Cliff May looks at the unseen villains in Oliver Stone's upcoming World Trade Center:
The WSJ’s Brian Carney disagrees with KLo, me and several others writing in this space regarding Oliver Stone’s World Trade Center.As soon as I read that, I flashed back to James Bowman's review of Francis Ford Coppola's extended director's cut reissue of his late-1970s opus, Apocalypse Now Redux from 2001:
We never meet a single Vietnamese, for instance, who is not a victim of the Americans. Whom does [Coppola] suppose was shooting back? He keeps the enemy out of sight in order to make the American military effort—which seems to consist mainly of blazing away at the forest or the tall reeds along the banks of the river, or else innocent civilians—look not only futile but crazy. Like the phantasmagoria of the trip upriver, like everything else in the movie, the phantom enemy is designed to show us the futility, the insanity of the war. The enemy is everywhere and nowhere. It is insane to try to fight him.Coppola kept the enemy largely off-screen because he was, on some level, highly sympathetic to them. (He wasn't alone in Hollywood: while Coppola was shooting Apocalypse, his protégé, George Lucas, was transforming the Vietcong into Luke Skywalker and the rest of the good guy heroes in Star Wars.)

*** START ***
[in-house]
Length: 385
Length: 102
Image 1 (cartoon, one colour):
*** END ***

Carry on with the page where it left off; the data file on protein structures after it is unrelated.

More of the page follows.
Certainly for Oliver Stone, keeping the terrorists off-screen in World Trade Center helps to hide, shall we say, an inconvenient truth or two--not the least of which are his own sympathetic views of terrorism's heart of darkness.
Update: Betsy Newmark asks a related question:
It's always been somewhat of a mystery why so many on the left just loooooove their man in Havana.Fortunately, of course, Stone could never be accused of that...
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